Lewis joined Godwin Lewis in 2011 after working as judge of the 330th District Court in Dallas from 2002 to 2010. She previously was the master/referee of the 305th District Court from 1986 until 1992, and an associate judge of the 330th District Court from 1992 to 2002. She will continue to serve as the chairwoman of Godwin Lewis’s family law litigation and arbitration/mediation practice groups.
“As demonstrated in her years on the bench, Marilea is a natural leader,” Godwin Lewis Chairman and Chief Executive Officer Donald E. Godwin said in a statement.
Lewis succeeds Robert C. Wiegand, the firm’s managing shareholder since 2012, who will continue as executive committee vice president and commercial litigation section co-chairman.
Founded in 1980, Godwin Lewis has lawyers at offices in Dallas, Houston and Plano, Texas.
Crude Oil Lawsuit Firm Defends Conduct in Lead-Counsel Fight
A law firm seeking to lead the litigation over alleged manipulation of Brent crude oil prices challenged claims by a rival firm that it broke court rules and its lawyers are too inexperienced for the job.
Kirby McInerney LLP, a New York law firm, is seeking to be named lead counsel for the claimants in at least a dozen suits alleging some of the world’s biggest oil companies, including BP Plc, Statoil ASA and Royal Dutch Shell Plc, conspired with Morgan Stanley and energy traders including Vitol Group to manipulate spot prices for Brent crude for more than a decade.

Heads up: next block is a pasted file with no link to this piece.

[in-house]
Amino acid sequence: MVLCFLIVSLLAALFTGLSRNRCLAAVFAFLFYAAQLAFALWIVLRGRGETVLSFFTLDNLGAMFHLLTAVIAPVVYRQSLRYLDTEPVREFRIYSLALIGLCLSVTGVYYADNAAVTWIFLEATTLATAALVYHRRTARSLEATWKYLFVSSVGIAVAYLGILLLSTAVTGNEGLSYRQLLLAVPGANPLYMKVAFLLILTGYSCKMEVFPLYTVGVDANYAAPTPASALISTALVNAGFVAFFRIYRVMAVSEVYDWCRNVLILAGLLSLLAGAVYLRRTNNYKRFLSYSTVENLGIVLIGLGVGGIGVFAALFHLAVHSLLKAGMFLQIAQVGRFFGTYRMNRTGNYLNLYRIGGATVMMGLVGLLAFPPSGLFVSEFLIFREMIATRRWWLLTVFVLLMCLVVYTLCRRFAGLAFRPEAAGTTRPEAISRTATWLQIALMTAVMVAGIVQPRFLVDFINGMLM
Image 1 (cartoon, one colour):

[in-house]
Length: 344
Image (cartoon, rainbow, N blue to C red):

The firm denied claims by another firm seeking the lead counsel position, New York’s Lovell Stewart Halebian Jacobson LLP, that it broke court rules in filing a sworn declaration with the court under seal. Kirby McInerney also claimed it had Lovell Stewart’s support as lead counsel in litigation over manipulation of the London interbank offered rate, or Libor.
“The only thing that has changed between that case and this one is competing counsel’s self-interest,” Kirby McInerney said in a court filing it’s seeking to have considered by U.S. District Judge Andrew Carter, who’s overseeing the suits.
Lead counsel in class actions control the direction of the litigation, assign tasks to other law firms, decide whether to settle or go to trial, and eventually reap the largest fees.
In their complaint, a group of traders represented by Kirby McInerney alleged they paid “artificial and anticompetitive prices” for Brent futures. They claim the defendants artificially drove the Dated Brent spot price up or down to allow them to profit on swaps.
The traders said the oil company and energy-trading house defendants, which include Trafigura Beheer BV and Phibro Trading LLC, submitted false and misleading information to Platts, an energy news and price publisher whose quotes are used by traders worldwide.
The case is McDonnell v. Royal Dutch Shell Plc, 13-cv-07089, U.S. District Court, Southern District of New York (Manhattan). The multidistrict litigation is In Re North Sea Brent Crude Oil Futures Litigation, 13-md-02475, U.S. District Court, Southern District of New York (Manhattan).